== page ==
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The burden of black privilege

By Sinegugu Ngwenya

What an absurd notion. How offensive. What an insensitive response to a people deep in struggle. The thought of privileged blacks is a spit in the face of the “underprivileged” badge we so rightfully wear.

For years I despised everything that happened to me, how I was reduced to melanin. From a young age I was aware that before people considered what I brought to the table they would first consider the colour of my skin. They would move on to my gender and then maybe, depending on the weather and after a cup of tea, they would evaluate my skills.

I hated everything about that. I hated being a stat. I reasoned I was not the previously disadvantaged that corporate South Africa was trying to save. You have it all wrong white people, not all black people are the same. We are equal, yes, but some, I believed, were more equal than others.

How flawed my thoughts were. How lethal. Time passed, things changed, my thoughts matured. I realised the gravity of our plight. I realised nobody cared about my background, my private education, my twang, my address, my achievements, not even that I have Nkalakatha-loving friends. Whatever my story, whatever my claim to fame, at the first point of contact I was a stat. A black female. A quota. A BEE rating. The face of excellence. No, no, let me rephrase, the face of compliance.

So I made peace with that but still felt misplaced. You see black privilege cannot be claimed en masse and therefore cannot be assigned en masse. It cannot be used as loosely as we do with reference to the privilege of white folk. White people were born into a system that favoured them, indoctrinated with notions of supremacy from birth. I’m not condoning less-than-human treatment from them or glazing over ignorance and blatant racist behaviour, no, but I merely make the point that white privilege is real, it is not a choice.

The choice is challenging that notion of privilege.

Black privilege however is burdensome. Self-inflicted pain. Self-initiated separation. Removal of one self from a situation. Allowing your freedom to fool you into thinking the struggle is over. Honey, the struggle has just begun.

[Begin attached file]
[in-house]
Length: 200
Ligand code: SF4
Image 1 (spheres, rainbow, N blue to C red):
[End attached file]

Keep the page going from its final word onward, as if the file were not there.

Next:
Recent uprisings in protest of our black, democratic government have shone a light on this very fact. Freedom for one is not freedom for all and freedom is not running off with a slice of the pie for yourself. You see, where we get it wrong is that when we attain this so-called freedom we forget what it took to get there, we don’t identify with those still striving.

Wits university students occupy Senate House October 20, 2015. Photo: M&G

Wits university students occupy Senate House October 20, 2015. Photo: M&G

Once we’ve tasted success we forget about those that afforded us this life. That it is a privilege to even be here, a privilege to have the right to protest. Black privilege is burdensome in many ways but most importantly it is burdensome because once you have attained freedom, once you cease to lack, to protest, whether for your own needs or those of others, it makes you ungrateful, unsatisfied, a traitor, greedy and reduces your opinions to meaningless.

But, to who? Is it not united we stand?

I’ve always had a problem with the “rags-to-riches” narrative. It seemed so one-dimensional. I could not relate. I aspired to success, still do, but when they interview me on Zaziwa who will take me seriously if I say I was raised in a middle-class family that afforded me private education and I never struggled finding my first job?

Should I fabricate how I’d sometimes go to bed hungry and how much of a mission it was landing the gig that put me on the map? We revel in that narrative, we love the story of the unassuming black kid from the dusty streets of somewhere or other. And we fuel black privilege. The privileged are stripped of their voices and are ashamed to speak, to represent the have-nots from the comfortable position of the haves.

But things changed. The “born-frees” showed that the struggle has no audition criteria. That they themselves were in fact not born free. They gave a new face to freedom fighting. Never have I been so moved by a collective display of pure courage and bravery. Proof that wrong-doing is wrong-doing no matter where you stand. Proof that you don’t need to be underprivileged to fight for free education. That you don’t need to be chained to fight for change.

Let’s stop being stats when we walk into a room, we need to stop separating ourselves from the very struggle that made us. We need to embrace what our freedom has afforded us. And that is the opportunity to free others.

Sinegugu Ngwenya is a quirky millennial who spends her days writing copy for ads and the rest of her time writing about her opinions.

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